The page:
Researchers uncover 340 million year-old oceanic crust in the Mediterranean Sea using magnetic data
A researcher at Ben-Gurion University of the Negev (BGU) has identified that the eastern Mediterranean Sea contains the world's oldest oceanic crust still in place and could be almost 340 million years-old.
The study reported this week in Nature Geoscience was conducted by Dr. Roi Granot, a senior lecturer in the BGU Department of Geology and Environmental Sciences.
Some of the fundamental tectonic characteristics of the eastern Mediterranean remain unresolved due to the extremely thick sedimentary cover (10 to 15 km) and the lack of accurate magnetic anomaly data. The researchers towed magnetic sensing equipment to collect 7,000 km (4,300 miles) of marine magnetic profiles across the Herodotus and Levant Basins, eastern Mediterranean, to study the nature and age of the underlying igneous crust.
Dr. Granot used the magnetic data to analyze the nature of the crust in the Herodotus Basin, and found that the rocks are characterized by magnetic stripes - the hallmark of oceanic crust formed at a mid-ocean ridge. As magma at a mid-ocean ridge axis cools, magnetization of the minerals in the newly forming rocks align with the direction of Earth's magnetic field.
"Changes in the magnetic field's orientation over time are recorded in the ocean floors, creating a unique barcode that provides a time stamp for crust formation," Dr. Granot says. "The results shed new light on the tectonic architecture and evolution of this region and have important implications on various geodynamic processes."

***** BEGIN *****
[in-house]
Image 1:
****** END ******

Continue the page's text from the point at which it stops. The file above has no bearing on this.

By using this principle and identifying skewed patterns in the magnetic stripes, Dr. Granot showed that the oceanic crust in the Herodotus Basin could be as much as 340 million years old.
Oceanic crust is typically recycled back into the Earth's mantle relatively rapidly at subduction zones due to its high density, thus most oceanic crust is less than 200 million years old.
"The area is covered by thick sedimentary coverage, making it unclear precisely how old the crust is and whether it is even oceanic at all," Dr. Granot says. With the new geophysical data, we could make a big step forward in our geological understanding of the area."
He suggests that the crust might be a remnant of the ancient Tethys Ocean, which existed long before the Atlantic and Indian Oceans. If correct, this implies the ocean formed much earlier than previously thought.